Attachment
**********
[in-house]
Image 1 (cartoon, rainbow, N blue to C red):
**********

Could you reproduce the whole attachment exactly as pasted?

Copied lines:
[in-house]
Image 1 (cartoon, rainbow, N blue to C red):